By BONNIE J. GORDON
Los Alamos Daily Post
This is part two of coverage of the League of Women Voters of Los Alamos (LWV) Candidate Forum held Wednesday, Oct. 6 via Zoom. It covers UNM-LA Advisory Board positions. Read the part one focused on school board candidates here.
Voters registered in Los Alamos County may vote for one candidate for each position on the UNM-LA Advisory Board.
Alissa Grissom and Chris Luchini are running for Position 1.
Grissom said she has 10 years experience as an instructor on the university level and teaches at UNM-LA. Her first priority is first generation college students and new UNM-LA students who may have trouble adjusting to college, she said.
Retention is a high priority, Grissom said. She would like to see the college look into what it can do when health, financial problems or other factors cause students to leave school.
It is important to make sure our vocational programs are up to date with what is needed by employers, she said.
Luchini said he has personal experience with how dual credit students (those who attend high school and college simultaneously) benefit from the program but he is concerned that the college must bear most of the cost.
“The program is minimally funded by the state,” he said. “We need to find ways to capture money to cover the program beyond what the state pays.”
Outreach is important to Luchini.
“We need to let potential students know what’s available at UNM-LA through better outreach,” he said.
Position 2 candidates are Charlotte Woodring, Lee Weinland and Charles McCullough.
Weinland is running because he wants to give back to the college after the help UNM-LA provided to his daughter, who is disabled.
“When she started at UNM-LA, Katie was being told she couldn’t succeed in high school,” Weinland said. “She graduated magna cum laude from UNM-LA and is now pursuing a higher degree at UNM-Albuquerque.”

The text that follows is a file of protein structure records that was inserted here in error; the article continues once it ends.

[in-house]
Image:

Weinland said he wants to think of ways to expand and promote UNM-LA as an economic resource for the County. The college is currently “undervalued”, he said.
Weinland would like to help build UNM-LA into a better resource for Los Alamos. Revitalizing four year programs is one way to do this, he said.
McCullough has lived in Los Alamos for 40 years and was the pastor of White Rock Baptist Church for 30 of those years, he said.
McCullough said low faculty salaries are a concern. He would like to see a balance of academic and vocational programs, with equal emphasis on both.
“I want to help UNM-LA be the best it can be,” McCullough said. “We have an excellent faculty but larger institutions can offer higher salaries,” he said.
“Dual credit is an unfunded mandate that the legislature needs to fix,” McCullough said.
Expanding four year programs in nursing and education is a goal of McCullough’s. Recruitment and retention also are important, he said.
“People need to know what a treasure and resource UNM-LA is,” McCullough said.
Laura Woodring was unable to attend the forum. She sent a statement, which was read at the event.
Woodring is a mental health therapist with an MA in counseling, she said.
“I have been able to help struggling students in my practice,” Woodring said. “I want to be an advocate for all of the students.”
Vocational programs in occupations needed by the community need to be identified and provided, Woodring said. Filling the program gaps and community outreach are important priorities, she said.
David Hanson and David Hampton are running for Position 5 of the UNM-LA Advisory Board.
Hampton said his passion for the community is what motivated his run for the seat.
“My vision is to support and expand vocational programs as well as four-year degrees,” he said. “We need to engage the Lab and County in our efforts.”
Increasing enrollment is an important goal of his and would help UNM-LA financially and help it better serve the community, Hampton said.
Hanson said that since his retirement he has taken courses at UNM-LA and helped with fundraising.
“Common sense and science are my motto,” Hanson said.
How to operate during the ongoing pandemic is still an important consideration for the college, he said, transitioning from online to in-person learning is an area of concern.
“Security and success of the students is paramount,” Hanson said. “Safely providing an education during the pandemic and making sure we don’t move backwards must be the goal.”
Hanson also said that he would like to see program expansion, especially a nursing associate degree, adding that outreach to local employees would help UNM-LA determine their needs.